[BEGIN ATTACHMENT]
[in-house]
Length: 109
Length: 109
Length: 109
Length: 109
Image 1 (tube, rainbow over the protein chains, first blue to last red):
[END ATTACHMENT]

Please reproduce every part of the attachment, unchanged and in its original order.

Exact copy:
[in-house]
Length: 109
Length: 109
Length: 109
Length: 109
Image 1 (tube, rainbow over the protein chains, first blue to last red):